Gale & Polden
Gale and Polden was a British printer and publisher. Founded in Brompton, near Chatham, Kent in 1868, the business subsequently moved to Aldershot, where they were based until closure in November 1981 after the company had been bought by media mogul Robert Maxwell.
The firm of Gale and Polden was founded near Brompton Barracks at Chatham, James Gale opening his bookshop there at No 1 High Street, Old Brompton in 1868. Soon Gale acquired his first printing press, which he set up in a wooden shed in the garden at the rear of his house. Through his contacts with the Headquarters of the Chatham Military District Gale obtained a printing contract for the printing of the Garrison Directory.
In 1873 Gale printed and published his first book, Campaign of 1870–1: The Operations of the Corps of General V. Werder by Ludwig Lohlein, late Captain 1st Baden Bodyguard Grenadier Regiment. At this time Gale's printing works had three hand presses and only enough metal type to print sixteen pages at a time. Gale's staff was made up of three compositors, a bookbinder, a die stamper and three boys. His wife managed the shop's book and stationery sales, assisted by one of the boys.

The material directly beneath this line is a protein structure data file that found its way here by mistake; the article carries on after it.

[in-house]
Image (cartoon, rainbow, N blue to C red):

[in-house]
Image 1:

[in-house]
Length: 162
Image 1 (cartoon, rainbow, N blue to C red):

On 29 September 1875 James Gale took on his first apprentice, William T Nash, aged fourteen. Nash went on to work for the Company for sixty-eight years, rising to be Composing Room Overseer, a post he held for nearly forty years until 1943 when he died aged 82. In 1875 Nash was soon joined by Thomas Ernest Polden, aged 16. By 1880 the bookselling side of Gale's business was very successful, and Gale publicised it by announcing that "A selection of several hundreds of most modern and popular books will always be found in stock and, having made arrangements for receiving parcels from the principal London Houses daily, the book that should not happen to be in stock could be obtained immediately".